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Antidepressant Use In Pregnancy Linked to Autism Risk

By Chelsea E. Toledo, M.A. on April 25, 2013


Background: In the past three decades, the rate of diagnosis for autism spectrum disorder (ASD) has increased dramatically—from one in 2,000 children to one in 88. While that uptick could be attributed to changes in diagnostic criteria, researchers are interested in identifying causal factors for ASD. Recent studies have suggested that depression or antidepressant use in parents could be associated with the development of ASD in resulting offspring.


What’s New: On April 19, 2013, British Medical Journal featured a study on parental depression and antidepressant use during pregnancy, with relation to ASD in children. Using publically available health records of 4,429 autistic individuals in Sweden, the researchers calculated the likelihood of an autism diagnosis as related to a family history of depression and maternal antidepressant use. Comparing the results to those of 43,277 controls, they determined that use of SSRIs and other antidepressants during pregnancy could account for about 1 percent of ASD cases.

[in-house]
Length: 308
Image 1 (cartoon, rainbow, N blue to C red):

Why it’s important: This is the second paper in two years to suggest a link between antidepressant use and ASD. However, because only a small fraction of ASD cases in the study appeared to be caused by maternal antidepressant intake, the increase in diagnoses is unlikely to be attributed to the drugs.

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